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Stone-tool makers reached North Africa and Arabia surprisingly early

Ancient Homo species left primitive cutting implements far beyond East Africa

MEAT 'N GREET Animal bones and stone artifacts unearthed in North Africa, including this chunk of stone from which sharp-edged flakes were removed, indicate that hominids chowed down on meat there as early as 2.4 million years ago.


Ancient stone-tool makers spread into largely unstudied parts of North Africa and the Arabian Peninsula surprisingly early, two new studies find. Discoveries in Algeria and Saudi Arabia underscore how toolmaking traditions enabled Stone Age Homo groups to travel long distances and adapt to different environments, researchers say. Hominids used simple cutting and chopping implements to remove meat from animal carcasses in North Africa around 2.4 million years ago, archaeologist Mohamed Sahnouni and colleagues report online November 29 in Science. That's roughly 200,000 years after the first known appearance of such tools in East Africa. Early members of the human genus, Homo, either continued to make these tools after moving from East Africa or independently created similar tools in East and North Africa, the scientists conclude. Earlier excavations at two other Algerian sites, also conducted by Sahnouni's team, had uncovered stone tools and evidence of animal butchery dating back no more than 1.8 million years.

No hominid fossils have been found at any of the North African locations. But the discovery of stone tools strewn among butchered animal remains at Algeria's Ain Boucherit site adds to evidence that Homo evolution didn't just occur in East Africa (SN: 12/23/17, p. 24). "Our ancestors ventured into all corners of Africa," says Sahnouni, of the National Research Center for Human Evolution in Burgos, Spain. Discoveries at Ain Boucherit "show that the North African savanna corridor and the East African one were connected and early [Homo] started using stone tools and eating meat basically simultaneously in both areas," says archaeologist Manuel Dominguez-Rodrigo of Complutense University in Madrid who was not part of the research team. Sahnouni's group excavated stone tools and animal bones from two sediment layers at Ain Boucherit. After initial finds in 2006 and 2008, fieldwork from 2009 through 2016 produced a total of 17 stone artifacts from a lower, older sediment layer and 236 similar specimens from an upper sediment layer. Lower and upper layers also contained 296 and 277 fossil animal bones, respectively. Identification of previously dated reversals of Earth's magnetic field recorded in the soil and estimates of the time since sediment had been buried provided ages of around 2.4 million years for the lower layer and about 1.9 million years for the upper layer.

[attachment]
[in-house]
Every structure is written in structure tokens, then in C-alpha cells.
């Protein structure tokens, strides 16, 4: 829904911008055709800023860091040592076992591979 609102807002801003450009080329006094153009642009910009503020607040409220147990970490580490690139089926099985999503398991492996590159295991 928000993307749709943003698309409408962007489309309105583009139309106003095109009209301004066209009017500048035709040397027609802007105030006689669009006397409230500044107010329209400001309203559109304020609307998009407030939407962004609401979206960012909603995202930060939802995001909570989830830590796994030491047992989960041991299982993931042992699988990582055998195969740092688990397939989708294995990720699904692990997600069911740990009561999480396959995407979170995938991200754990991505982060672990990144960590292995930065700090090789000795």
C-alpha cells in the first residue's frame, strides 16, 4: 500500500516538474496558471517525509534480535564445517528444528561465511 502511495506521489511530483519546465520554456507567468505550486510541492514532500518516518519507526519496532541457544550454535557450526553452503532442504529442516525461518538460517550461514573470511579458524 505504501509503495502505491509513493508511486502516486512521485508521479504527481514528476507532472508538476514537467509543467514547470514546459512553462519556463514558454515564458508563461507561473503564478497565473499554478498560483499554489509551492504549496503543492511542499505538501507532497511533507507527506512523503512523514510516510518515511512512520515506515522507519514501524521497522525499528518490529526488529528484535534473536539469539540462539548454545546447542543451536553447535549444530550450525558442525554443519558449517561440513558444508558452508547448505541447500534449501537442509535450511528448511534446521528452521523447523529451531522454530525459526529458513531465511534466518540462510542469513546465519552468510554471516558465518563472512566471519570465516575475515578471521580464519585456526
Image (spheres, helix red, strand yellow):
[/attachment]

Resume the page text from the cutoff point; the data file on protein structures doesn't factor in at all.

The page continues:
Fossil bones found among stone artifacts at Ain Boucherit came from savanna-dwelling animals such as elephants, horses, rhinos, antelopes and crocodiles. Incisions typical of butchery appeared on 17 bones from the lower sediment layer and two bones from the upper layer. These marks were mainly made on limb bones, ribs and skulls, suggesting activities such as skinning and removing flesh. Another four bones from the lower layer and seven from the upper layer displayed hammering and smashing marks, probably as a result of marrow removal. Ain Boucherit hominids acquired prime parts of game either by hunting or by scavenging at fresh kill sites, Sahnouni suspects. "The Ain Boucherit evidence could be pointing at some kind of confrontational scavenging where [hominids] were stealing kills from carnivores before carcasses were fully defleshed," says archaeologist Ignacio de la Torre of University College London who did not participate in the study. That tactic appears most likely, he holds, since evidence of hunting in Africa around the time hominids wielded meat-cutting tools in Algeria is scant. Long after North Africans sliced up carcasses, a different form of toolmaking headed in another unexpected direction. An African toolmaking style going back nearly 1.8 million years (SN: 10/8/11, p. 12), which included teardrop-shaped hand axes, appeared in the center of the Arabian Peninsula around 240,000 to 190,000 years ago, researchers report November 29 in Scientific Reports.

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